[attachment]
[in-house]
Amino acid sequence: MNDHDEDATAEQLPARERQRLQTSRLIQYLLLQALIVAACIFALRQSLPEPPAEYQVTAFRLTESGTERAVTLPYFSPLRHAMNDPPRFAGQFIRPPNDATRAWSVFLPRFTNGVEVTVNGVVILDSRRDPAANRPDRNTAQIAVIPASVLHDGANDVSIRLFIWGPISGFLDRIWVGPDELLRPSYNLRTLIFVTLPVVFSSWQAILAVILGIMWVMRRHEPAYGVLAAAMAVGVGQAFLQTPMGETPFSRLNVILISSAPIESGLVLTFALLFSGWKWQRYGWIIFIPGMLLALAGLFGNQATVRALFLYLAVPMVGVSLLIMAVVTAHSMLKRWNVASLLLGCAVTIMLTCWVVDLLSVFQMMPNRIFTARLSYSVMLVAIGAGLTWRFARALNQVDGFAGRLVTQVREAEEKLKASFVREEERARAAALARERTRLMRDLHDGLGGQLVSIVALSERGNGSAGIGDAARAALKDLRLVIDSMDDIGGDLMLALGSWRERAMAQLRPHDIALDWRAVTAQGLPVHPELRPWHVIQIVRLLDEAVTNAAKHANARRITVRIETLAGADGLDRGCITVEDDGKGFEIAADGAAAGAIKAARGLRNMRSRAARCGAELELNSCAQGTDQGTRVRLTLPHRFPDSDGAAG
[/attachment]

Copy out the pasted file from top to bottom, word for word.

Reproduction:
[in-house]
Amino acid sequence: MNDHDEDATAEQLPARERQRLQTSRLIQYLLLQALIVAACIFALRQSLPEPPAEYQVTAFRLTESGTERAVTLPYFSPLRHAMNDPPRFAGQFIRPPNDATRAWSVFLPRFTNGVEVTVNGVVILDSRRDPAANRPDRNTAQIAVIPASVLHDGANDVSIRLFIWGPISGFLDRIWVGPDELLRPSYNLRTLIFVTLPVVFSSWQAILAVILGIMWVMRRHEPAYGVLAAAMAVGVGQAFLQTPMGETPFSRLNVILISSAPIESGLVLTFALLFSGWKWQRYGWIIFIPGMLLALAGLFGNQATVRALFLYLAVPMVGVSLLIMAVVTAHSMLKRWNVASLLLGCAVTIMLTCWVVDLLSVFQMMPNRIFTARLSYSVMLVAIGAGLTWRFARALNQVDGFAGRLVTQVREAEEKLKASFVREEERARAAALARERTRLMRDLHDGLGGQLVSIVALSERGNGSAGIGDAARAALKDLRLVIDSMDDIGGDLMLALGSWRERAMAQLRPHDIALDWRAVTAQGLPVHPELRPWHVIQIVRLLDEAVTNAAKHANARRITVRIETLAGADGLDRGCITVEDDGKGFEIAADGAAAGAIKAARGLRNMRSRAARCGAELELNSCAQGTDQGTRVRLTLPHRFPDSDGAAG